The Community Forums

Interact with an entire community of cPanel & WHM users!
  1. This site uses cookies. By continuing to use this site, you are agreeing to our use of cookies. Learn More.

WHy does cPanel install files owned by non-associated UID?

Discussion in 'General Discussion' started by wizzy420, Jan 26, 2008.

  1. wizzy420

    wizzy420 Well-Known Member

    Joined:
    Nov 13, 2007
    Messages:
    125
    Likes Received:
    2
    Trophy Points:
    18
    I was poking around /usr/local/cpanel and noticed bunches of files owned by UID 500, GID 500 when there is no user with this UID/GID

    Any reason this is done?
     
  2. wizzy420

    wizzy420 Well-Known Member

    Joined:
    Nov 13, 2007
    Messages:
    125
    Likes Received:
    2
    Trophy Points:
    18
    bump!

    wizzy
     
  3. cPanelKenneth

    cPanelKenneth cPanel Development
    Staff Member

    Joined:
    Apr 7, 2006
    Messages:
    4,461
    Likes Received:
    22
    Trophy Points:
    38
    cPanel Access Level:
    Root Administrator
    Please provide example files/directories.
     
  4. wizzy420

    wizzy420 Well-Known Member

    Joined:
    Nov 13, 2007
    Messages:
    125
    Likes Received:
    2
    Trophy Points:
    18
    In /usr/local/cpanel, a subset:

    drwxr-xr-x 6 root root 4096 Jan 7 18:09 share
    drwxr-xr-x 9 root wheel 4096 Feb 1 03:19 src
    -rwxr-xr-x 1 500 500 65 Mar 23 2006 startstunnel
    -rwxr-xr-x 1 500 500 60 Mar 23 2006 startup
    drwxr-xr-x 5 root root 4096 Jan 7 18:09 sys_cpanel
    -rwxr-xr-x 1 root root 104 Jan 26 06:05 tailwatch
    -rwxr-xr-x 1 500 500 134 Mar 23 2006 uninstall
    drwxr-xr-x 3 root root 4096 Jan 7 18:18 var
    -rw-r--r-- 1 root root 21 Jan 26 06:05 version
    drwxr-xr-x 3 root root 4096 Jan 7 18:09 vsrvmgr
    -rwx------ 1 root root 2558032 Jan 26 06:05 vsrvmgrd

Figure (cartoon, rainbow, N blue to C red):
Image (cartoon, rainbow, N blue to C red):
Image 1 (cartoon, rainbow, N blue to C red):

-rwx------ 1 root root 5399128 Jan 26 06:05 vsrvmgrqd
    -rwxr-xr-x 1 500 500 465 Mar 23 2006 vstartup
    drwxr-xr-x 10 root root 4096 Jan 26 06:07 whostmgr
     
  5. rpmws

    rpmws Well-Known Member

    Joined:
    Aug 14, 2001
    Messages:
    1,824
    Likes Received:
    5
    Trophy Points:
    38
    Location:
    back woods of NC, USA
    ken this is what I was asking about in the EDGE list :)
     
  6. cPanelKenneth

    cPanelKenneth cPanel Development
    Staff Member

    Joined:
    Apr 7, 2006
    Messages:
    4,461
    Likes Received:
    22
    Trophy Points:
    38
    cPanel Access Level:
    Root Administrator
    Correct. I suspect it's a mirror issue as one of my test servers has this, while another does not. On the test server afflicted, it didn't arise until this past weekend.
     
  7. rpmws

    rpmws Well-Known Member

    Joined:
    Aug 14, 2001
    Messages:
    1,824
    Likes Received:
    5
    Trophy Points:
    38
    Location:
    back woods of NC, USA
    so seen it in CentOS5 and RedHatEL5
     
  8. cPanelKenneth

    cPanelKenneth cPanel Development
    Staff Member

    Joined:
    Apr 7, 2006
    Messages:
    4,461
    Likes Received:
    22
    Trophy Points:
    38
    cPanel Access Level:
    Root Administrator
    Are you seeing this on new installs, or just existing servers? If you change the ownership, does it revert on a upcp?
     
  9. cPanelKenneth

    cPanelKenneth cPanel Development
    Staff Member

    Joined:
    Apr 7, 2006
    Messages:
    4,461
    Likes Received:
    22
    Trophy Points:
    38
    cPanel Access Level:
    Root Administrator
    Looks like changing the ownership is not reverted after upcp, even after upcp --force.
     
  10. cPanelKenneth

    cPanelKenneth cPanel Development
    Staff Member

    Joined:
    Apr 7, 2006
    Messages:
    4,461
    Likes Received:
    22
    Trophy Points:
    38
    cPanel Access Level:
    Root Administrator
    The ownership mixture occurs because some updates happen via single file download, while others through tarball extraction. The tarball extraction is a recent change and results in different UID/GID combinations occurring in the /usr/local/cpanel directory and children.

    We've adjusted the functionality that handles this part of the update process to ensure the ownership is properly retained.

    It is safe to chown the files in question to root:root
     
  11. wizzy420

    wizzy420 Well-Known Member

    Joined:
    Nov 13, 2007
    Messages:
    125
    Likes Received:
    2
    Trophy Points:
    18
    Just did some looking, it appears to be these directories:

    /home/.cpan/build/*
    /home/virtfs/USER/checkvirtfs
    /var/cpanel/perl/easy/Cpanel/Easy/*
    /root/installd/*
    /var/profiles/easy/apache/profile/custom/*
    /scripts/*

    So, you're saying that a:

    find / \( -type d -o -type f \) -user 500 -exec chown root:root {} \; -ls

    Should be a-ok?

    In case anyone is wondering, you can look on your server like this:

    find / -user 500 -ls | less
     
    #11 wizzy420, Feb 6, 2008
    Last edited: Feb 6, 2008
Loading...

Share This Page